When there’s nothing else you can do, bake cookies.
I baked a batch of chocolate chip cookies in the tiny kitchen of the palliative care ward my friend Rachael was in 5 years ago, for the strangers who shared our space for those days and weeks, who came and went and sat and walked the halls carrying hearts raw with sadness. We’d go downstairs to Starbucks in a weak attempt to refuel, and on one afternoon I kept walking, out the door and across the street to the grocery store, where I bought butter and sugar and flour and eggs. I rummaged through the kitchen normally reserved for families and friends of patients to store and reheat food brought from home, digging out a bowl, spoon and makeshift measuring cup. The apartment-sized oven coughed itself on, then released the aroma of baking into the stale hospital air, bringing with it a sense of comfort and calm.
As I walked through the halls with a plate of warm cookies, people hunched in bedside chairs and huddled in common areas would look up with faint surprise. “You baked cookies? For us? Thank you.”
I baked this particular batch cookies for my almost-8-year-old boy, knowing that nowadays he tires of hugs after about one of them, unless they are delivered in cookie form. I made them with barley flour; barley is high in fibre, with more than twice as much (soluble and insoluble) as oatmeal. And although barley flour hasn’t quite caught on in most kitchens, it’s common and easy to find on grocery store shelves alongside the wheat flour. Barley flour is softer than you’d think – in fact, you don’t get the same tweedy texture with barley flour that you do with whole wheat flour.
And because in Canada, much of the germ is often removed from a grain of wheat milled to make flour, making whole wheat flour not really whole (up to 5% of the kernel can be removed to help reduce rancidity and prolong the shelf life of whole wheat flour) barley flour is a great alternative if you want to up your fibre but still make a delicious cookie. It produced a thinner, chewier, more spread out cookie, but in a good way; barley also has humectant properties, meaning they stay soft.
Just like a hug.
Barley Chocolate Chip Cookies
3/4 cup butter, at room temperature
1 cup packed brown sugar
1/4 cup sugar
1 large egg
2 tsp vanilla
2 cups barley flour
1 tsp. baking soda
1/2 tsp. salt
8 oz. dark or semi-sweet chocolate, chopped into chunks
Preheat oven to 350F.
In a large bowl, beat the butter and sugars until pale and almost fluffy. Beat in the egg and vanilla.
Add the barley flour, baking soda and salt and stir or beat on low until almost combined; add the chocolate chunks and stir just until blended.
Drop dough by large spoonfuls onto a parchment-lined sheet and bake for 10-14 minutes (depending on their size) until golden around the edges but still soft in the middle. Let them set for a minute, then transfer them to a wire rack to cool. Makes about 2 dozen cookies.
April 16 2013 | dessert and grains and snacks | 19 Comments »
It seems everyone is making baked oatmeal these days – or maybe just Molly and Jeanette (hi!) – but each time I see it I think – I should give that a try with red lentils. And so this morning when I woke up to grey, and (yet more) snow on the ground, watched the neighbour scrape ice off the car windshield, and had to return from the bathroom to retrieve wooly socks to protect my feet from an ice-cold floor, I grumpily decided that this might be the day to give it a go.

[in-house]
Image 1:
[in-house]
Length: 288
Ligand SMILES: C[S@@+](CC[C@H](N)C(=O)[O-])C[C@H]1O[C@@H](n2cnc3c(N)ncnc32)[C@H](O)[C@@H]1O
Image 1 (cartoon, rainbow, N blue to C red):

When I wrote Spilling the Beans with my junior high school BFF Sue, baking possibilities opened up when she mentioned her habit of stirring a spoonful of lentils into her morning porridge to boost fibre and protein. Genius, I say. Those dry red lentils (they’re orange, really) are split through their middles, and when cooked, perfectly mimic oats. Only they’re far higher in fibre, and of course the bean-grain combo provides a complete protein. And what does everyone seem to want more of in their breakfasts? Protein and fibre.
I forgot the nuts, distracted by the question of whether to toast them or not (I burn nuts at the best of times – when I’m not getting a kid dressed and checking homework and making lunches and discovering that he needs to bring something made from a rock or mineral to school in ten minutes) and I loved Jeanette’s addition of coconut, but forgot that too, so excited was I by the prospect of lentils baked into oatmeal.
Yes, excited by lentils. I’m a fibre nerd. I come by it honestly – from my gastroenterologist dad who loves oatmeal for breakfast, and who in the eighties added sawdustlike oat bran to everything, including our (extra lean) homemade burgers. Turns out you actually do turn into your parents. Luckily, in my case it’s not a bad thing. Next time I have the opportunity to make breakfast for my dad, I know he’ll be equally excited by the prospect of lentils in his oatmeal.
And yes, they bake in beautifully, slipping by undetected by those not in the know. Wink.
Baked Oatmeal with Berries and Lentils
Adapted from Heidi Swanson’s Super Natural Every Day via Orangette
1 1/2 cups old-fashioned rolled oats
1/4 cup dry red lentils
1 tsp. baking powder
1 tsp. cinnamon
1/4 tsp. fine sea salt
1 cup fresh or frozen blueberries, raspberries or both
1/3 cup shredded coconut (optional)
2 cups whole milk (or half 1%, half half & half)
1/3 cup pure maple syrup
1 large egg
2 Tbsp. butter, melted and cooled slightly
2 tsp. vanilla
Preheat the oven to 375°F.
In an 8-inch square (or similar-sized) baking dish, mix together the oats, lentils, baking powder, cinnamon, and salt. Scatter with berries.
In another bowl, whisk together the milk, maple syrup, egg, butter and vanilla. Pour the mixture over the oats, and give it a gentle stir to distribute everything evenly.
Bake for 40 minutes, or until the top is golden and the oats have set. Serve warm, topped with milk or a splash of cream. Leftovers reheat beautifully.
April 04 2013 | breakfast and grains | 34 Comments »